State Intestate Succession
If a legally enforceable will doesn’t exist at the time of your death, a probate court will distribute the property in your estate in accordance with the state’s intestate succession laws, which commonly allocates all property to your spouse and children. Under the Uniform Probate Code, which 17 states have adopted, your spouse will always receive at least some of your property. The UPC provides the distribution framework for a number of scenarios, so the amount your spouse receives depends on whether you have children together and if you have children from a previous marriage. For example, if you don’t have children or your spouse is the parent of all your children, your spouse takes 100 percent of your estate. However, if you have a child from a previous marriage, your spouse and the child both receive a portion of your property.
Your spouse retains a legal claim to your property under the intestate succession even if you physically separate, but have yet to obtain a decree of separation or divorce. Although the type of property to which your spouse has a legal claim can vary depending on the state in which you live, it typically includes all property you acquire during the marriage, your personal property and all financial accounts. As a result, deciding to no longer share the same household, even if in anticipation of filing for divorce, has no legal effect and states will still recognize your marriage.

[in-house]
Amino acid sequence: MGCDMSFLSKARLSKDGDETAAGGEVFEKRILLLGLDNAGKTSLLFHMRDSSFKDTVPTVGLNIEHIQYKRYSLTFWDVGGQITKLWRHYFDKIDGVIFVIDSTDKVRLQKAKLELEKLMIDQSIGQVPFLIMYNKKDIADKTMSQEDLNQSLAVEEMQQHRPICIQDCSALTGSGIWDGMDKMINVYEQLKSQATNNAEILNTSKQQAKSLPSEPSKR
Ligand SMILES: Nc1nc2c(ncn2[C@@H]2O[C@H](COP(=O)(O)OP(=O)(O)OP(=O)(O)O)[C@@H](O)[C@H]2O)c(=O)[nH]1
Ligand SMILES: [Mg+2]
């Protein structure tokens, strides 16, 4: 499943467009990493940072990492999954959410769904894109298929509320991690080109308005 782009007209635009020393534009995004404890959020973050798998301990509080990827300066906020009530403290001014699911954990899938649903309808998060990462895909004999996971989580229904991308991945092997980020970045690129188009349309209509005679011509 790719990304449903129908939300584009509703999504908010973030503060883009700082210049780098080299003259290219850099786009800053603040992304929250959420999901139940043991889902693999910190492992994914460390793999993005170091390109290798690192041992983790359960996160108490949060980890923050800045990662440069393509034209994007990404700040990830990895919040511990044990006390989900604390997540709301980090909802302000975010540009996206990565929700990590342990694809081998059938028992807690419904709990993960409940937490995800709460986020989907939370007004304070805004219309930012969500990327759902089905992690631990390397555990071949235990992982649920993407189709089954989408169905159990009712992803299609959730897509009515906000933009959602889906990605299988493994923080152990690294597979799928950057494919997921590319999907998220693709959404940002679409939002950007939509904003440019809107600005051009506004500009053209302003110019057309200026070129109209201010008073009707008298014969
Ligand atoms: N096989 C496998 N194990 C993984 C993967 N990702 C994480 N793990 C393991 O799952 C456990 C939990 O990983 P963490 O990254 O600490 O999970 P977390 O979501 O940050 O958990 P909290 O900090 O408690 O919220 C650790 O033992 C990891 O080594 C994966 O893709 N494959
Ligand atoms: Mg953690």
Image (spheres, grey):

Obtaining a decree of legal separation in your state may, however, affect your spouse’s ability to inherit your property under intestate succession laws. The 17 states that follow the UPC continue to recognize your marriage for all purposes despite the existence of a legal separation. In these states, your spouse has a right to your property regardless of whether the intestate succession laws apply or you disinherit them in a will. New York, on the other hand, which does not follow the UPC, will not recognize your marriage for purposes of inheritances once you legally separate from your spouse.
You also need to consider the implications of drafting a will that intentionally disinherits your spouse. If your state still recognizes your marriage after the separation, your spouse has a right to an “elective share” of your estate. An elective share insures that surviving spouses are not indigent as a result of their spouse’s death. Your state’s elective share statute will determine the amount of property your spouse will receive. If you live in a state that follows the UPC, for example, your spouse can elect to take approximately 50 percent of the property in your estate.